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the Gate-house, for saying, that to keep the Queen's birth-day as an HOLIDAY was to make her an idol. When the good man had been shut up from his family and friends several months, he petitioned the bishop to be brought to his trial, or admitted to bail. But all the answer his lordship returned was, that he deserved to lie in prison seven years. This usage, together with Mr. Wright's open and undisguised honesty and piety, moved the compassion of his keeper, in so much that his poor wife being in child-bed and distress, he

gave him leave, with the private allowance of the secretary of state, to make her a visit at Rochford upon his

purole ; but it happened that Dr. Ford the civilian, meeting him upon the road, acquainted the bishop with his escape, who thereupon fell into a violent passion, and sending immediately for the keeper, demanded to see his prisoner. The keeper pleaded the great compassion of the case; but the bishop threatened to complain of him to the Queen, and have him turned out. Mr. Wright being informed of the keeper's danger, returned immediately to his prison, and wrote to the lord treasurer on his behalf. 6 lord, (says he) I most humbly crave your lordship's fa

vor that I may be delivered from such unpitiful minds; 6 and especially that your lordship will stand a good lord

to my keeper, that he may not be discouraged from fa• voring those that profess true religion.” Upon this the keeper was pardoned.

But the bishop resolved to take full satisfaction of the prisoner; accordingly he sent for him before the commissioners, and examined him upon articles concerning the book of common prayer ; concerning rites and ceremonies; concerning praying for the Queen and the church ; and concerning the established form of ordaining ministers. He was charged with preaching without a licence, and with being no better than a mere layman. To which he made the following answers; That he thought the book of common prayer, in the main, good and godly, but could not answer for every particular. That as to rites and ceremonies, he thought his resorting to churches where they were used, was a sufficient proof that he allowed them. That he prayed for the Queen, and for all ministers of God's word, and consequently for archbishops and bishops, &c.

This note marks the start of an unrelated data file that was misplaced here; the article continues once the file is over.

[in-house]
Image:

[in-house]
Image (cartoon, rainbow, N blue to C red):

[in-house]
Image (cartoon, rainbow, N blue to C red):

That he was but a private chaplain, and knew no law that required a licence for such a place. But he could not yield himself to be a mere layman, having preached seven years in the university with licence ; and since that time having been regularly ordained, by the laying on of the hands of the presbyters at Antwerp. The bishop having charged him with saying, that the election of ministers ought to be by their flocks, he owned it, and supposed it not to be an error; and added further, that in his opinion, every minister was a bishop, though not a lord bishop ; and that his lordship of London must be of the same opinion, because when he rebuked Mr. White for striking one of his parish -ioners, lie alledged that text, that a bishop must be no stri. ker: which had been impertinent, if Mr. White, being only a minister, had not been a bishop. When his lordship charged him with saying, there were no lawful ministers in the church of England, he replied,* “ I will be content to "he condemned, if I bring not two hundred witnesses for

my discharge of this accusation. I do as certainly believe, that there are lawful ministers in England, as that there 6 is a sun in the sky. In Essex, I can bring twenty godly • ministers, all preachers, wlio will testify that they love ó me, and have cause to think that I love and reverence

them. I preached seven years in the university of Cam- bridge with approbation, and have a testimonial to produce under the hands and seals of the master and fellows